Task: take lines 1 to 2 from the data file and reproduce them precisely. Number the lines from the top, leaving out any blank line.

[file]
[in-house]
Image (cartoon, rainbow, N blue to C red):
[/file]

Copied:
[in-house]
Image (cartoon, rainbow, N blue to C red):